Explainer: What is stagflation and why is it feared?
Updated 19:10, 20-Apr-2022
By Chen Yurong
Gasoline prices are displayed at several gas stations in Washington, D.C., U.S., April 11, 2022. /CFP

Gasoline prices are displayed at several gas stations in Washington, D.C., U.S., April 11, 2022. /CFP

As inflation hits new peaks in the U.S. and Europe, investors and economists are raising alarms about the risk of stagflation.

Consumer prices in the eurozone surged by an annual rate of 7.5 percent, an all-time peak, while the U.S. inflation rose to 8.5 percent, hitting a 41-year high, in March. 

"We are going to have a period of stagflation," Ray Dalio, Bridgewater Associates founder, said in a recent interview for Yahoo Finance Presents.

Stagflation risks have also forced investors like Amundi, abrdn and Vanguard to sink billions of dollars into hedges in preparation for potential headwinds, Bloomberg reported.

Fitch Ratings in its latest report flagged rising global stagflation risks amid greater macroeconomic and geopolitical uncertainty.

So what is stagflation exactly? Here are some quick takes on its meaning, causes and cures. 

An economic nightmare

"Stagflation is characterized by slow economic growth and relatively high unemployment – or economic stagnation – which is at the same time accompanied by rising prices (i.e. inflation). Stagflation can be alternatively defined as a period of inflation combined with a decline in the gross domestic product (GDP)," according to Investopedia.

Graphic by Jia Jieqiong

Graphic by Jia Jieqiong

This situation is usually triggered by wars or economic crises in oil and food-exporting countries, Chief Economist of Hang Seng Bank (China) Wang Dan told CGTN.

Wang said it is the worst form of economic crisis not only because poor people suffer most from surging food and energy prices, but also because it makes it difficult for the government to implement counter-cyclical macro policies – expansionary monetary and fiscal policies drive up inflation while interest rate hikes eventually lead to unemployment.

"It's a difficult policy trade-off, and often is subject to political considerations rather than economic ones," she said. 

Differentiation from historic inflation

Major Western countries and all emerging markets are facing the risk of stagflation with the exception of China, according to Wang.

China so far does not have the risk of inflation due to its strong production and supply chain coupled with a depressed domestic consumer market due to COVID- 19 control, she explained.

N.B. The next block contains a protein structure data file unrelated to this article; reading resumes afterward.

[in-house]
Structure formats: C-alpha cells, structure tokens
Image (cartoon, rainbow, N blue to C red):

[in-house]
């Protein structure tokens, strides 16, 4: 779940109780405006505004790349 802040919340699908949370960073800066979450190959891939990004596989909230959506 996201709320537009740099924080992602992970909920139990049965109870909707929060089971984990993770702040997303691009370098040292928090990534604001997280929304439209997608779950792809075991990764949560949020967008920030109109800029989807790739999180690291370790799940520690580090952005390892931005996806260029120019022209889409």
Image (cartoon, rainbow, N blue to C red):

Wang said the nature of stagflation that observers see on the horizon will be similar to the one that the U.S. experienced in the 1970s – over-relaxed monetary policy and labor shortage. 

The differences, however, lie in the asset prices, Wang said. She explained the 1970s saw the collapse in stock and housing prices but the trend is reversed this time, citing a strong U.S. stock market and price surge in housing sector. 

Jeremy Stevens, an international economist for the Standard Bank Group, took the point further by saying that the balance of inflation has shifted from assets to goods and services. "With globalization retreating and QE (quantitative easing) ending, the boot is on the other foot," he said. 

The soaring inflation in the U.S. was pushed up by skyrocketing energy and food prices, supply constraints and strong demand. 

In past periods of high inflation in the 1990s or 2000s, the Fed did not have to worry about supply and therefore might have only taken a relatively modest tug on demand to address any inflation problem. However, this method won't work the same way today, according to Stevens. 

Given the pandemic-hit supply, "reducing demand modestly will be like pushing on a piece of string; inflation will remain elevated," Stevens said. "In this scenario, we will see stagflation."


A survey by the National Federation of Independent Businesses, a small business association in the U.S., showed that 49 percent of surveyed firms were pessimistic about the economy over the coming year. Stevens said the outcome was the worst reading from this survey, even worse than during the pandemic and the global financial crisis.

"We think it is saying something that small firms think prices will continue to surge when the economy is in as much danger as they seem to expect. It may also be a sign that recession is likely and not just a theoretical requirement to rid the economy of inflation," he told CGTN.

Goldman Sachs recently predicted the U.S. recession odds at 35 percent in the next two years.

Policymakers need to adjust policy in the same way as they eventually did following the averse oil supply shocks of the 1970s, which is to lift rates, Stevens said. "We think this is what they will do even if some, notably the ECB drag their feet at first."

However, given the multidimensional components of stagflation, monetary policy alone cannot tackle it.

"Monetary policy can either tackle inflation or recession, but not both," Wang said. 

Hiking interest rates to rein inflation won't be effective because inflation in the developed market is not due to weak demand but a shortage of energy and goods supply, she said.

Wang argued that a more feasible solution for the U.S. would be to lower tariffs, particularly with its largest trading partner China, and release more oil reserves into the market to tame energy prices.

(Cover by Li Jingjie)

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